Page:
UrbanMan received this request from an UrbanSurvivalSkills.com reader: “Could you do a post on how to move in a group through the woods? It is predominantly for me and my family, maybe my sister's brother and his wife would be with us, if and when we vacate our home and if our vehicle goes down or transport by car is not possible. If I had to vacate my house and move to my friends rural farm I would need to move through the woods about 29-30 miles, then parallel a state road about 30-35 miles to get to the two roads that lead to my friend’s farm where it’s another 16-18 miles.”
UrbanMan replies: You have the right idea wanting to learn how to move in the woods or really any type of terrain for that matter. Aside from very specific techniques and procedures, otherwise called Standard Operating Procedures or SOP’s, tactical movement is a function combining common sense, awareness of the situation and of the environment, and just plain being cautious.
Movement techniques must be known by all in your group and regularly practiced in order to be effective. People spend years learning how to plan and conduct a small unit patrol. I cannot do that justice in one post, however I will attempt to cover some basics of movement.
Things you will have to consider when moving, above food, water and what else you are packing, are light, noise and litter discipline, and, control of your movement formation. Ensuring that all shiny objects that you and others are wearing, which will reflect the sun or artificial light are reduced or removed; use red filters on flashlights or be very careful when you use a white light and then consider using one only under a poncho or blanket; talk to your members of your group either using hand and arm signals or by whispering in their ear (sound carries more than your think!);……ensure you and your group does not leave litter behind that someone can track you by or otherwise learn of your presence or passage.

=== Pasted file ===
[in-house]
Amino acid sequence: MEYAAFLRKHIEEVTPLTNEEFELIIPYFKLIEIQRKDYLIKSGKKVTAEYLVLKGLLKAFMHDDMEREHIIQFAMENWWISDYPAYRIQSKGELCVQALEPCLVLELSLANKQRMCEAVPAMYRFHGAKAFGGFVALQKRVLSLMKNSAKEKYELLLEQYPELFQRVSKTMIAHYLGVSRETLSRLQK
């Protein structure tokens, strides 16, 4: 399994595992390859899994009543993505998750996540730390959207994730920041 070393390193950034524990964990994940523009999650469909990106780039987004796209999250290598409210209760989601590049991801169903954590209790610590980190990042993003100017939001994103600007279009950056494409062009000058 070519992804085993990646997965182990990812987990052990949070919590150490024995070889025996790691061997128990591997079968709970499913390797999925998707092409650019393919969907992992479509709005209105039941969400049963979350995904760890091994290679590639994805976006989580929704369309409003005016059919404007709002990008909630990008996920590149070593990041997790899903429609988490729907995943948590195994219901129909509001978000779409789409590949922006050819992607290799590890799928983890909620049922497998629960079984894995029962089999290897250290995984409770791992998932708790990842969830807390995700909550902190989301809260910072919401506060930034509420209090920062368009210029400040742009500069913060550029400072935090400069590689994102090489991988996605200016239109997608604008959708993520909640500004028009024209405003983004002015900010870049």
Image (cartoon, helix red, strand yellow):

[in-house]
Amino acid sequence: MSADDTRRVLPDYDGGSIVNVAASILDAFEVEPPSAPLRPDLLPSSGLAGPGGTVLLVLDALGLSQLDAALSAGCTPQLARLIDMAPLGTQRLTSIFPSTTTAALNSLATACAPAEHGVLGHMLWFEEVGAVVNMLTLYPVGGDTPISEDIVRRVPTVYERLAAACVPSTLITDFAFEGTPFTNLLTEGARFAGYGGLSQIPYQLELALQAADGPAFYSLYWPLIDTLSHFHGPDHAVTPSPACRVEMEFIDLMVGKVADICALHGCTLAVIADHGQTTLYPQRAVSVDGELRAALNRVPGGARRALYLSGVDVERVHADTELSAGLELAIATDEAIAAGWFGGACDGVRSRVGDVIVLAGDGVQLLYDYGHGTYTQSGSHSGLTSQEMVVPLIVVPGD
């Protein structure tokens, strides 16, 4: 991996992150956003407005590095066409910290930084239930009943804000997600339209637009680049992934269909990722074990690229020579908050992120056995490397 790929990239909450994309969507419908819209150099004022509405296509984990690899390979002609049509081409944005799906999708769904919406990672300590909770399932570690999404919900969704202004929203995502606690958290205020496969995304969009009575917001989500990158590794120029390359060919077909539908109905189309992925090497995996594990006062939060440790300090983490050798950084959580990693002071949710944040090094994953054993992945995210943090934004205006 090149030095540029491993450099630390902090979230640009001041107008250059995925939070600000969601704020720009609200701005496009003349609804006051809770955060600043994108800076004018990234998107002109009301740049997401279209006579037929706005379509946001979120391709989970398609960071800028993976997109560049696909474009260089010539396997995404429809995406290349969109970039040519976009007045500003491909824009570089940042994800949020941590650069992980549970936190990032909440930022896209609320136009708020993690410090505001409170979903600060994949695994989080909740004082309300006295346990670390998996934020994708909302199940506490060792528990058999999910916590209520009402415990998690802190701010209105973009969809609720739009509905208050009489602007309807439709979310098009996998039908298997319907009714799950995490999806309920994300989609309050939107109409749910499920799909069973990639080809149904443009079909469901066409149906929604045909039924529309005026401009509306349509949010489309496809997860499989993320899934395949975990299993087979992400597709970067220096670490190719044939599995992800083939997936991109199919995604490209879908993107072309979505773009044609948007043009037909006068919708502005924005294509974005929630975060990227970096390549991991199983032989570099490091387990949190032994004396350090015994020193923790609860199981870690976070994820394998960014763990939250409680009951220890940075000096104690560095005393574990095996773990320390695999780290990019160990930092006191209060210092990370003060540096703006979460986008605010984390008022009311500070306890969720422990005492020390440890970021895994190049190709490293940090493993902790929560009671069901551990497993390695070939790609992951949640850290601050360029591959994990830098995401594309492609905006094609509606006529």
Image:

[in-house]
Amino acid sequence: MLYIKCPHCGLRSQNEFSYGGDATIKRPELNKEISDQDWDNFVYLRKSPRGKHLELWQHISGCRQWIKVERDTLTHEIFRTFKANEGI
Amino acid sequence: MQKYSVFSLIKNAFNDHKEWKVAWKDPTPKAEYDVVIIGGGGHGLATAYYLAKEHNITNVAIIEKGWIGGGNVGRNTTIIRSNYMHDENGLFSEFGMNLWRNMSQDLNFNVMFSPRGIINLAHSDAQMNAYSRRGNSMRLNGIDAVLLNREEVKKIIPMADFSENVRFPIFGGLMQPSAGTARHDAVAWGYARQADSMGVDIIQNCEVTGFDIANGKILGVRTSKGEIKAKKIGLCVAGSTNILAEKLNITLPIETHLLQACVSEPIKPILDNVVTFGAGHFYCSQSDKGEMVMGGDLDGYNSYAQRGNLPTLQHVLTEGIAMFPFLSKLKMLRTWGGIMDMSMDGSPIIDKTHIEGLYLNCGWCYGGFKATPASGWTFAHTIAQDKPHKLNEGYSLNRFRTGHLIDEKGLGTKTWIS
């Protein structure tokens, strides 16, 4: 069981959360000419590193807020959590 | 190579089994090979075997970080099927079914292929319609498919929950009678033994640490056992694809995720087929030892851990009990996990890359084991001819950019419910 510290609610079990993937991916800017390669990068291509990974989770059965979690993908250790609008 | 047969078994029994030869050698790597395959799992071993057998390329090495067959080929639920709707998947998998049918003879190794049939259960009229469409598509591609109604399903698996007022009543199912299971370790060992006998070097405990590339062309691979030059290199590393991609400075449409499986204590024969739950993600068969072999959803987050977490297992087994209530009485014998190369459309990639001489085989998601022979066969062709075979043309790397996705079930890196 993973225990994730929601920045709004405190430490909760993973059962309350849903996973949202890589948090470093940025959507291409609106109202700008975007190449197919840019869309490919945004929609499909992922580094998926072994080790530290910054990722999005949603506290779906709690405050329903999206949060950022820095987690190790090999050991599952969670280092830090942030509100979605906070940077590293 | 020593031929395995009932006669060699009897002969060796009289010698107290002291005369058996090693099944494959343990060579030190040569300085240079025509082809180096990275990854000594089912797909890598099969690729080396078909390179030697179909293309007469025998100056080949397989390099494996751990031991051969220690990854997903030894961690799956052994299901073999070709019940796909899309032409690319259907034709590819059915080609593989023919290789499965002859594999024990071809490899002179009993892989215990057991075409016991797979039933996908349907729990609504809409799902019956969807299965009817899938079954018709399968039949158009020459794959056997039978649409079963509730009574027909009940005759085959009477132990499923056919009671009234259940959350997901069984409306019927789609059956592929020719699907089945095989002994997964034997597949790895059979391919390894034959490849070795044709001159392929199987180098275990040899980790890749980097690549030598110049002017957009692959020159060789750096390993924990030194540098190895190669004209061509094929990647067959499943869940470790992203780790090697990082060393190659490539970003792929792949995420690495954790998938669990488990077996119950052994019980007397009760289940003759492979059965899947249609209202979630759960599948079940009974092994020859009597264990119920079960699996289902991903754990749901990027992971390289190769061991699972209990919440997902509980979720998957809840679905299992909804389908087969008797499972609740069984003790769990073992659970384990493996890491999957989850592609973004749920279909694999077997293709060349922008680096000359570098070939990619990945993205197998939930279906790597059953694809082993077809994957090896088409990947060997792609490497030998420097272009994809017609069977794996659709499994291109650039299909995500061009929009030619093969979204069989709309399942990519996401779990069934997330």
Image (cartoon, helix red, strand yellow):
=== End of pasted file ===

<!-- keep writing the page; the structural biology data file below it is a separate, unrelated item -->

Looks like you may be moving 75 to 83 miles. Your movement rate, under good conditions is going to be .5 to 1.5 miles an hour if you want to move in a cautious tactical manner, stopping for a 5 to 10 minute blow every hour and to do map/navigation checks, check and treat people's feet, adjust loads and just to sit and listen for what is going on around you.
If you move at 1 mile per hour, you can probably move 12 miles a day then it will take you at least 6 days to get where you are going. Figuring on a minimum of 3 quarts of water per person per day that's almost 20 pounds of water weight per person starting off. Remember 3 quarts per person would be an absolute minimum,... a more realistic number is 5 quarts per person per day which would be 30 pounds of water weight.
Movement formations. There are really only two basic movement formations you should be using:
The Column or File formation (think single file) is the easiest formation to control. Interval (or distance) between patrol members should be no further than what sight allows – you need to be able to see the man in front of you and behind you. Relatively speaking, this interval will be as close as a couple feet during periods of darkness, with minimal lunar illumination, to as long as maybe 15 to 20 yards. In very open areas, that distance may increase to 25-35 yards. The idea is not to have two people (or more) needless close to each other where it would be easy to shoot two or more easily,...or have a booby trap or other casualty producing device hurt more than is necessary. Plus people close together tend to talk,...when you talk, people can hear....remember noise discipline.